JPMorgan has been the biggest single financier of fossil fuels since the Paris Agreement came into effect, according to a report from Rainforest Action Network. It poured $434 billion (over €400 billion) into the sector between 2016 to 2022.

The five activists have been summoned to answer charges of criminal damage to the value of £330,000 (€385,000).

With the legal defence of ‘belief in consent’, they are arguing that the bank would have consented to the damage, if only it comprehended the damage its fossil fuel funding was causing.

Though it’s unlikely to see JPMorgan admitting in court it is aware of the destruction fossil fuel emissions are causing, observers are interested to see how the bank responds to the defence.


What is the government’s argument against climate activists?

Documents seen by UK newspaper The Times give the outline of the government’s argument in seeking the review.

Representing the Attorney General, Tom Little KC writes that “the merits, urgency or importance of any matter about which a defendant may be protesting or the perceived need to draw attention to a cause or situation are not, in law, capable of being ‘circumstances’ of the destruction or damage within the meaning of the statute”.

Little argues that there is “no direct nexus between the destruction or damage and the matters on which the defence rely as ‘circumstances’”.

In other words, it's unclear how breaking the windows of a fossil fuel company or bank relates to or will stop climate breakdown elsewhere. The appeal court judges are effectively being asked to consider where and why climate activism turns to vandalism.

The review follows an acquittal in an unidentified case but, as Prentis made clear, the outcome will not affect the acquittals in that particular case. It will remove the ability of protesters to run the defence in the future. Which means that the JPMorgan ‘Emergency Break Glass’ five could be the last to benefit from it.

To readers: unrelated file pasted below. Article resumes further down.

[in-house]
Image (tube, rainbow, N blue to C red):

UN rapporteur ‘alarmed’ by UK government crackdown on protests

This is the sixth jury trial of women from XR who have broken glass at major banks and fossil fuel headquarters, the group says. Of the 20 women who have stood trial so far, 10 have been found guilty and 10 have been acquitted.

One of the women in front of Judge Reid this week, Amy Pritchard, was sentenced to prison last year for breaching his ruling not to mention ‘climate change’ as a motivation to jurors trying her for blocking a road during a separate action with Insulate Britain.

Such decisions from judges have caused outrage among environmental campaigners in the UK and abroad.

In a report last month, UN Special Rapporteur on Environmental Defenders Michel Frost expressed “alarm” at the situation after visiting the UK.

“It is very difficult to understand what could justify denying the jury the opportunity to hear the reason for the defendant’s action, and how a jury could reach a properly informed decision without hearing it, in particular at the time of environmental defenders’ peaceful but ever more urgent calls for the government to take pressing action for the climate,” he wrote.


Two other UK climate protest trials also began this week. Eight Insulate Britain activists are charged with public nuisance for stopping traffic on the M25 motorway in 2021. While five Just Stop Oil supporters must answer for conspiracy to cause a public nuisance after occupying tunnels near an oil terminal in 2022.